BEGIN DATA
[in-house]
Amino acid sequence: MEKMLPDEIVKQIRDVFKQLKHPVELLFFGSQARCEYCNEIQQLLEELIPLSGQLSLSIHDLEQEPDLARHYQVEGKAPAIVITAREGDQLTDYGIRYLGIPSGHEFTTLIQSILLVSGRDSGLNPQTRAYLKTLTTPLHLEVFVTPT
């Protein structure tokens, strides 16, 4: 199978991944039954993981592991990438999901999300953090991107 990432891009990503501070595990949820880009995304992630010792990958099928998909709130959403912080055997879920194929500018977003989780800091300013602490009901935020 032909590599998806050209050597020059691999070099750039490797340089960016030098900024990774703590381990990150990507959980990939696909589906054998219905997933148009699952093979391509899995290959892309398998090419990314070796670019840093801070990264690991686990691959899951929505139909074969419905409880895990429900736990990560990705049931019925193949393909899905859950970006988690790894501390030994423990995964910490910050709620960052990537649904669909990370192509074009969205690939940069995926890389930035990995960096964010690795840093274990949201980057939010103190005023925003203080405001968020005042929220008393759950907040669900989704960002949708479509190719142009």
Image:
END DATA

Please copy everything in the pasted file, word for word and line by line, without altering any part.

[in-house]
Amino acid sequence: MEKMLPDEIVKQIRDVFKQLKHPVELLFFGSQARCEYCNEIQQLLEELIPLSGQLSLSIHDLEQEPDLARHYQVEGKAPAIVITAREGDQLTDYGIRYLGIPSGHEFTTLIQSILLVSGRDSGLNPQTRAYLKTLTTPLHLEVFVTPT
């Protein structure tokens, strides 16, 4: 199978991944039954993981592991990438999901999300953090991107 990432891009990503501070595990949820880009995304992630010792990958099928998909709130959403912080055997879920194929500018977003989780800091300013602490009901935020 032909590599998806050209050597020059691999070099750039490797340089960016030098900024990774703590381990990150990507959980990939696909589906054998219905997933148009699952093979391509899995290959892309398998090419990314070796670019840093801070990264690991686990691959899951929505139909074969419905409880895990429900736990990560990705049931019925193949393909899905859950970006988690790894501390030994423990995964910490910050709620960052990537649904669909990370192509074009969205690939940069995926890389930035990995960096964010690795840093274990949201980057939010103190005023925003203080405001968020005042929220008393759950907040669900989704960002949708479509190719142009």
Image: